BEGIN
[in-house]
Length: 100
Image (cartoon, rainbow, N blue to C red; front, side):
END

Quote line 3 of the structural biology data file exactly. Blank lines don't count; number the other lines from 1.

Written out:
Image (cartoon, rainbow, N blue to C red; front, side):